True to form, Bonds slugged 755 on August 4, 2007. The prediction came true, again. Dad simply could not believe it! He shouted to his boys, “Wholly Sh–! My boy’s a f—in’ psychic!” “When is Bonds going to pass Aaron?,” Dad asked of the Guru. Scottie scratched his head, then looked up at the sky. “Tuesday.” “Tuesday, August 7th, he’ll get homerun number 756!” My Dad replied, “You’re damn straight I’ll be staying up for that one. No more falling asleep for me on that night. I have to watch history in the making!” Dad was so excited on the phone, stating how it was going to be so great to see. “You can predict it all Scottie! “Bet everything,” Dad had said. “Bet the farm on this!”

Sadly, on the morning of August 7th, me and my siblings received a phone call from the complex Dad was living at in Atlanta, Georgia. The kids all learned that Dad had died that morning. He had lived to only 62 years of age. 

As that painful day slogged along, and the reality of our father’s death slowly settled into our collective minds, me and my family all wondered if that night Bonds would actually hit that 756th homerun. And, as if this were written by some twisted Hollywood scribbler, Bonds indeed hit that record-breaking homerun, on August 7, 2007–the same day my father died, the same day Scottie had predicted the record would be made.
We had sports. We had baseball. It kept us away from all of life’s unpleasantries. We shared that final moment without Dad with us, but he sure was in our hearts that night and thereafter. We cried when it had happened. I can only hope he watched the feat from his eternal seat within the clouds. 

We still love you Dad. We miss you. Happy Father’s Day to you.”

Baseball Then and Now ~ Happy Father’s Day!

Uploaded to Youtube by  on May 19, 2011

Wow! Amazing Catch will Surprise Even You!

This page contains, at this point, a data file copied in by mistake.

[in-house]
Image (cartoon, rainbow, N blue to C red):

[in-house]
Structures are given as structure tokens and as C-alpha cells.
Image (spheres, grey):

Take a look.  This post doesn’t need an explanation.  We’ve got to get out to these Minor League ballgames more often folks!  And the catch is made by, of all things, a ball “babe”!  I’m told this is a Gatorade commercial that aired over a year ago, but I’m sure I would have remembered it.  But no matter.  They might want to consider her for the next Spiderman sequel.  Just saying …..

Evan Longoria? Calm, Cool and Collected.

Well from all accounts, this is not a staged video.  This is Evan Longoria being, well, Evan Longoria.  And who said he’s only around for his good looks?  Some kind of cool huh?

Locker Room Interviews ….. a Waste of Time?

I read and review hundreds of sports reports and baseball blogs every month and once in a while a story resonates with me so much I’m compelled to share it.    Today has one of those stories and it’s about those pesky locker room interviews after the game where microphones are shoved in the players faces and reporters are yelling … what, I don’t know, because I can never hear the question … and the players are trying to be calm and cool, giving respectable answers that will satisfy the coaches, management and rest of the team.